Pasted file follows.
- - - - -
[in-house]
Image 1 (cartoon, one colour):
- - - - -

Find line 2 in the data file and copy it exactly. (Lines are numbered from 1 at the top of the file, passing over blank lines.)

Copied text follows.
Image 1 (cartoon, one colour):